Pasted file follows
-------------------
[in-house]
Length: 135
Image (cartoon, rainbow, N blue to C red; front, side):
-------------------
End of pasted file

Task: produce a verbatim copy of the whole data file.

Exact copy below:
[in-house]
Length: 135
Image (cartoon, rainbow, N blue to C red; front, side):